The Whole Truth About Medical Malpractice and Insurance February 2010 Illinois Trial Lawyers Association 401 West Edwards Street Springfield, IL 62704 800-252-8501 www.iltla.com The Whole Truth About Medical
LITIGATING in the FIELDof DREAMS Asbestos Cases in Madison County, Illinois Released by the U.S. Chamber Institute for Legal Reform, October 2010 All rights reserved. This publication, or part thereof,
Asbestos Cases In the Courts: No Logjam Proponents of a Federal Asbestos Trust Fund Claim Asbestos Cases Are Clogging the Courts, But The Evidence Says They re Wrong Congress Watch February 2006 Public
Medical Malpractice Litigation in Pennsylvania Report commissioned and funded by the Pennsylvania Bar Association May 2006 Medical Malpractice Litigation in Pennsylvania A Report for the Pennsylvania Bar
Asbestos Research Project Tracking Trends in Litigation and the Response by the Defendants Prepared by Taylor Kayatta and Ronak Patel For the Civil Justice Association of California 1 Executive Summary
C The Journal of Risk and Insurance, 2012 DOI: 10.1111/j.1539-6975.2011.01457.x RAINFALL OR RAINMAKING? LAWYERS, COURTS, AND THE PRICE OF MOLD INSURANCE IN TEXAS Charles M. North James R. Garven Carl R.
Medical Malpractice Liability Insurance In Vermont A Report to the General Assembly By The Vermont Medical Malpractice Study Committee December 15, 2005 Vermont Medical Malpractice Study Committee Members
A P U B L I C P O L I C Y M O N O G R A P H Overview of Asbestos Claims Issues and Trends August 2007 American Academy of Actuaries Mass Torts Subcommittee Overview of Asbestos Claims Issues and Trends
What I call the magic jurisdiction,... [is] where the judiciary is elected with verdict money. The trial lawyers have established relationships with the judges that are elected; they re State Court judges;
MEALEY S TM Asbestos Bankruptcy Report The Consolidation Effect: New York City Asbestos Verdicts, Due Process And Judicial Efficiency by Peggy L. Ableman McCarter & English, LLP Wilmington, Delaware Peter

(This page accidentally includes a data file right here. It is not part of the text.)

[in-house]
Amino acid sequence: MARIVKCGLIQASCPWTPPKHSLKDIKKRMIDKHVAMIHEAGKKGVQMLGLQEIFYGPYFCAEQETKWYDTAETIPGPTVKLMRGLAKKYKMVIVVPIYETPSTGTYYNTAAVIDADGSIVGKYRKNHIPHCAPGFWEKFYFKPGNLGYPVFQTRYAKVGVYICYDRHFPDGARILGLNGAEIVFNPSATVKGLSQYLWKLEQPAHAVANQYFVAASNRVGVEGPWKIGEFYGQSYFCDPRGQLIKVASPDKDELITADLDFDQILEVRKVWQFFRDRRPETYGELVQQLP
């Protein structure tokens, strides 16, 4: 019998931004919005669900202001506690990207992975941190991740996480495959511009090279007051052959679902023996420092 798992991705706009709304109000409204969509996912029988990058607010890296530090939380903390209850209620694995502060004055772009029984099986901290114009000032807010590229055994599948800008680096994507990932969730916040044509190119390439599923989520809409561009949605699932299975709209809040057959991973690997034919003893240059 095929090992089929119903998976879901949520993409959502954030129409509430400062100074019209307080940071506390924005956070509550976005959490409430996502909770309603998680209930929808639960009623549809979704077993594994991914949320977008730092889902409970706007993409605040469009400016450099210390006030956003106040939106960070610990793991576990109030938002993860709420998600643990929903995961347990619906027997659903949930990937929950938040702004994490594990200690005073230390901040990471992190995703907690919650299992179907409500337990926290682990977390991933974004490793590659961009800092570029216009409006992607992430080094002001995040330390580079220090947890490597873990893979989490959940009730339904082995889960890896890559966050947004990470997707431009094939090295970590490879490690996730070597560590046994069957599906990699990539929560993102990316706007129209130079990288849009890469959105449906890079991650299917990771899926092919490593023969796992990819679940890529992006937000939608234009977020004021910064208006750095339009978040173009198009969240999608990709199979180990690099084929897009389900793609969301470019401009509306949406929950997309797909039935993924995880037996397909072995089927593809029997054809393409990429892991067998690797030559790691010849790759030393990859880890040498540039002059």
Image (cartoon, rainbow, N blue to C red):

The Efficiency of Medical Malpractice Law Theory and Empirical Evidence Reed Neil Olsen Department of Economics Southwest Missouri State University Phone: 417-836-5379 Fax: 417-836-4236 E-Mail: firstname.lastname@example.org
20 1986-2006 Judicial Hellholes 2006 What I call the magic jurisdiction, [is] where the judiciary is elected with verdict money. The trial lawyers have established relationships with the judges that are
CHILD POLICY CIVIL JUSTICE EDUCATION ENERGY AND ENVIRONMENT HEALTH AND HEALTH CARE INTERNATIONAL AFFAIRS NATIONAL SECURITY POPULATION AND AGING PUBLIC SAFETY SCIENCE AND TECHNOLOGY SUBSTANCE ABUSE This
Journal of Economic Perspectives Volume 18, Number 2 Spring 2004 Pages 183 204 Asbestos and the Future of Mass Torts Michelle J. White Legal claims for injuries from asbestos involve more plaintiffs, more
Provided by the author(s) and University College Dublin Library in accordance with publisher policies. Please cite the published version when available. Title A cost benefit analysis of the Personal Injuries
Faculty of Business and Law SCHOOL OF ACCOUNTING, ECONOMICS AND FINANCE School Working Paper - Accounting/Finance Series 2007 SWP 2007/02 The Public Liability Crisis Why did it occur and how has it been
MEALEY S LITIGATION REPORT Asbestos Show Me The Money By Charles E. Bates, Ph.D. and Charles H. Mullin, Ph.D. Bates White Washington, D.C. A commentary article reprinted from the December 3, 2007 issue
Jury Verdicts in Medical Malpractice Cases and the MICRA Cap J. Clark Kelso & Kari C. Kelso INSTITUTE FOR LEGISLATIVE PRACTICE MCGEORGE SCHOOL OF LAW UNIVERSITY OF THE PACIFIC The Institute for Legislative
Fewer Lawsuits And More Doctors: Congress Watch September 2005 Public Citizen s Congress Watch 1 Trends in Washington Medical Malpractice Payouts And Physician Population Acknowledgments This report was
Third Edition May 2003 A History of the Medical Liabi INDIANA COMPENSATION ACT FOR PATIENTS (INCAP) lity Issue Indiana State Medical Association 322 Canal Walk Indianapolis, IN 46202-3268 (317) 261-2060
CONGRESS OF THE UNITED STATES CONGRESSIONAL BUDGET OFFICE A CBO PAPER JUNE 2004 The Effects of Tort Reform: Evidence from the States Royalty-free/BPX61344/Brand X Pictures A CBO PAPER The Effects of Tort